Vernon Panthers' point guard Zack Smith battles through the defensive presence of the A.R. MacNeill Ravens on Friday. (Photo by Wilson Wong 2019. All Rights Reserved)
Feature High School Boys Basketball

TRIPLE A: After 33 years, Vernon’s churnin’ Panthers return to a B.C. final! Says coach Reid “…there is a football factor there for sure.”

LANGLEY — Heading into tonight’s B.C. Triple A championship final, it’s fair to say that the North Delta Huskies have a J.D. Jackson-like presence in their line-up in the form of long-and-explosive senior guard Suraj Gahir.

Yet if their foes in the title clash, the Vernon Panthers, don’t have a facsimile of Jackson, the greatest player to ever don their own school’s colours, they have a young-and-rising collective who play with the same joy and the same relentless motor as the mop-topped mid-80s star who not only led them to their last B.C. senior varsity title-game appearance, but went on to become one of the greatest UBC Thunderbirds of all time.

That’s right.

Following its 89-65 win Friday over Richmond’s A.R. MacNeill Ravens, Vernon punched tickets to its first championship final since 1986 where the Jackson-led Panthers fell 77-71 at the PNE Agrodome to the Maple Ridge Ramblers.

“There is no question that these guys are a special group,” Vernon head coach Malcolm Reid said after his near-exclusive Grade 11 team showed a veteran savvy and the ability to play to its strengths to beat a Ravens team which finally showed its vulnerabilities after two prior inspiring victories.

“(Assistant coach) Sean (Smith) and I were talking about it yesterday,” continued Reid. “If we can achieve this, if we can win another game, we’ll have accomplished something very special for Vernon Secondary. But it’s not like these guys haven’t already done some special things. All they’re doing is trying to build on past successes.”

More on that in a second.

First, while the rest of the field’s top seeds fell by the wayside, the No. 2 Panthers have just kept chugging along.

All of that despite the fact that 6-foot-4 senior forward Thomas Hyett is the lone senior alongside nine largely Grade 11s on Vernon’s 10-man roster.

Vernon’s Isaiah Ondrik was sublime Friday, the guard doing it all with 22 points and 13 rebounds as the Panthers topped MacNeill and found their way to today’s B.C. Triple A final. (Photo by Wilson Wong 2019. All Rights Reserved)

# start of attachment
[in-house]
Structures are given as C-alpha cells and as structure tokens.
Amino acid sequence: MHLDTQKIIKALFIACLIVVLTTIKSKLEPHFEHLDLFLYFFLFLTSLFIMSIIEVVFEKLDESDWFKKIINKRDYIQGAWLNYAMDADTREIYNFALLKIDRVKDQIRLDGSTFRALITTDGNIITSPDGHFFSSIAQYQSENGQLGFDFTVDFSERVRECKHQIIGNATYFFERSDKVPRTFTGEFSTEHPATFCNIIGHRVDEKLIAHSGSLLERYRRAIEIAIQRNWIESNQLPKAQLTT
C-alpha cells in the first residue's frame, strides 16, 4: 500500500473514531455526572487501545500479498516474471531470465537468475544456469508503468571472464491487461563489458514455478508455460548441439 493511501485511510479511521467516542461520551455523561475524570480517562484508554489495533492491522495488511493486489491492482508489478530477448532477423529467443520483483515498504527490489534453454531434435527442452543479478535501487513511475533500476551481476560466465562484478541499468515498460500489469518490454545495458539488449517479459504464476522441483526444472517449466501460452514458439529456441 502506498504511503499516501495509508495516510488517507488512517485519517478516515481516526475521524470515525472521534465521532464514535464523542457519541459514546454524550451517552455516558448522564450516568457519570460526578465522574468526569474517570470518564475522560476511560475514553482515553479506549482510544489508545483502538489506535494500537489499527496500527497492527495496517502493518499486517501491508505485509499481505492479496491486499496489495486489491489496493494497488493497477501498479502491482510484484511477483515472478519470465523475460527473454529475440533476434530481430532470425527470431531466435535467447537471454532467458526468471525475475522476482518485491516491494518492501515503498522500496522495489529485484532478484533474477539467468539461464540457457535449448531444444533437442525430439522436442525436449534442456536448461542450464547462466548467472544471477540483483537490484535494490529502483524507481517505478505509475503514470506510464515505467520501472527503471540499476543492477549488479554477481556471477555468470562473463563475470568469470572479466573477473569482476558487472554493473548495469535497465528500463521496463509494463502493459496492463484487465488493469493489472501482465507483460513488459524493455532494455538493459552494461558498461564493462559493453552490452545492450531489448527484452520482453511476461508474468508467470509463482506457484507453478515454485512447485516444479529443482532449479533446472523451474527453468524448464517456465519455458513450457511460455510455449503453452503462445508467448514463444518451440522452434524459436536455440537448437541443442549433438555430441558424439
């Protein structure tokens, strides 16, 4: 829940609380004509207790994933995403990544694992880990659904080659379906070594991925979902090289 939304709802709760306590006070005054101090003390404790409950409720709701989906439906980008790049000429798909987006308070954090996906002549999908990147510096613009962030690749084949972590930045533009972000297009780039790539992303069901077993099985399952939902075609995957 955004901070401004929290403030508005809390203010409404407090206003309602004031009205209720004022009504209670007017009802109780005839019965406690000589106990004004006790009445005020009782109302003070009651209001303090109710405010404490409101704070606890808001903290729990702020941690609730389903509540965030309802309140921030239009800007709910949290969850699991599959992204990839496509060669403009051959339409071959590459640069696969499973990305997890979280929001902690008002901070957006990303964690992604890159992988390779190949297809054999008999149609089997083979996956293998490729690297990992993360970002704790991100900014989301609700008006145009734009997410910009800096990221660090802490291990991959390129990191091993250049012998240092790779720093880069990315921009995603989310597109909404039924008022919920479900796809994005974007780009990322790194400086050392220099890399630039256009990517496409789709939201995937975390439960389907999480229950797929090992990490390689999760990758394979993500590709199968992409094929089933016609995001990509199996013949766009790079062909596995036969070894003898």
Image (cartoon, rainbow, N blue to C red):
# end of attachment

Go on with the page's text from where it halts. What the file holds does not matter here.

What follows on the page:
On Friday, after the Panthers’ used a 13-point run to build a 27-16 lead over the Ravens, it was the Richmond team which rallied, coming out of a time-out to string together their own 10-0 streak to make it 33-29.

The most obvious response from a team as young as Vernon would be to lose confidence, yet their body language never changed.

Their response was to increase their level of patience and their huge advantage of physicality.

They never looked back the rest of the night.

“I would say there is a football factor there for sure,” said Reid, the Vancouver College grad who hails from one of B.C.’s first families of football and who has five players on his 10-man squad who double on the gridiron for Vernon’s Subway Bowl winning B.C. championship teams.

“But also it goes back to these guys having played road hockey together since they were little kids,” he continues. “They know how to play together and they are not afraid of the tense moments. It doesn’t throw them off their game.”

The Panthers will try to keep that same mindset as they clash with the North Delta Huskies in tonight’s 6 p.m. championship game.

In their only previous meeting, back on Feb. 2 at the Robert Bateman Timberwolves Classic, Vernon beat a North Delta team which was just beginning to deal with a rash of injuries by a 72-66 count.

On Friday, that Grade 11 core of Panthers looked like a seasoned group of seniors.

Kevin Morgan scored a game-high 28 points, Isaiah Ondrik added 22 more and grabbed a game-high 13 rebounds, and Liam Reid 12 points on four treys. The team’s lone Grade 12, big man Hyett, scored 19 points.

Gutsy and under-sized Usman Tung of the Ravens scored 16 points in the loss.

Coach Reid knew that to under-estimatethe No. 6 seed MacNeill was to perish.

“The way MacNeill came out and worked hard, we knew they were scrappy,” said Reid. “Their constant pressure and constant scrappiness… they don’t go away and they proved that over the course of the tournament. They have been down and they have come back.

“We talked about how they wouldn’t go away… that we had to be patient, that we had to get back on defence, that we couldn’t turn the ball over. All the little things.”

And that was the key.

Vernon may be young, but they are a patient and confident team that knows how to use its physicality.

So when the Panthers and Huskies take to the floor tonight, you won’t see a greater contrast of styles.

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